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Earlier this year, Jess and I decided to refinance our mortgage. Rates had dropped to an all-time low. We were able to perform a cash-out refinance and maintain the same monthly payment at a better rate. We would restart our 30-year mortgage, but we’d have a lot more cash to use to invest.

The plan at the time was to invest in real estate. We had been saving for several years so that we could buy a property in Providence, RI. This is something that I have been thinking about and preparing for many years. The extra cash would allow us to buy a property this year if/when the right property came on the market.

Then COVID happened, and we decided to hit pause on this plan. With new cases and deaths continuing to rise, I suspected that it would impact the rental market. This wasn’t the right time to jump into real estate for us.

You know what they say about the best-laid plans. This was the pattern for 2020. Being forced to change our plans and going with the flow.

Even with fewer adventures, a lot has changed for us in the past year. Over the past several days, Jess and I spent time reflecting on 2020. We’d like to share our most important reflections from the year.

2020 Financial Update

We made plans for our annual finances at the beginning of the year. We didn’t think we’d be able to move the needle on our savings rate. Jess was working part-time and we were uncertain if we would generate any extra revenue.

Savings Rate

We pay attention to our savings rate because it has a direct correlation to the length of our working careers. While we aren’t seeking to retire as soon as possible, we are pursuing freedom. Savings rate is one of the important metrics we pay attention to. Savings rate is the amount you don’t spend (AKA save) as a percentage of your household income after taxes.

As we mentioned in our post on how we manage our money, each year we plan out our savings rate. This year, we planned on saving 58% of our income.

This target was similar to our actual savings rate from last year. So, the plan was to maintain our spending and income, while we focus on building up the side business.

The plan worked, and then some. With the additional income from the side business and slightly lower expenses, we were able to increase our savings rate to 63%.

A 60%+ savings rate is nothing to sneeze at. It’s especially remarkable given the context of our intentional decision to slow down two years ago when Jess went back to work part-time. I can hardly believe that we have since increased our savings rate in the two years since that decision.

It’s not as hard to believe when I stop and think about the two drivers of savings rate: income and expenses.


From 2018 to 2019, we actually decreased our income by 5%. This year we increased our income from last year by 23%. Part of this is resulting from now generating income from our side business and receiving another raise. But it’s a little overstated.

This increase is overstated by the timing of my end of year bonus. My employer updated the timing of the bonus, so I didn’t receive one last year but did this year.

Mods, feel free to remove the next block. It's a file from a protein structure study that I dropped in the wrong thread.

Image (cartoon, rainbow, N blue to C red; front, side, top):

Regardless of the reason, it’s still a nice increase year over year. This increase in income provides us more resources with which to buy our freedom.


The other part of the equation for savings rate is understanding how much we spent. In last year’s report, we had made a sizable drop in our annual expenses. This year, the decrease was lower at about 2%.

This does have a few asterisks next to it though. Our expenses decreased by 2%, but we also made some large one-time purchases in 2020, including:

  • New Kitchen Appliances
  • New hot water heater

If we didn’t have these expenses, we would have decreased our spending by 12%. But we did have these expenses, and that will happen from time to time.

We were able to lower our expenses in other categories to still have a net decrease of 2%.

You would think that travel was one of the categories where we had lower spending, but it was actually pretty similar. The primary reason is that we updated our vacation plans after COVID happened to rent a cabin in Maine. It’s much easier to travel hack a hotel/resort and airfare than it is to rent a cabin from a private owner. So we had fewer destinations but spent similar amounts.

We decreased our spending across several categories, including:

  • Food – We used to eat out with friends at least once per month. This no longer happens. While we will still order take out, it’s not very common. We are preparing most of our meals these days. We also save money on groceries by using ugly vegetable delivery. We have also reduced impulse buys with fewer trips to the store.
  • Entertainment – We also don’t pay much for entertainment anymore. This used to mean going out to the movies or other activities with friends like doing an escape room. COVID has eliminated this for us. Instead, I’ve gotten into hobbies like disc golf and video games.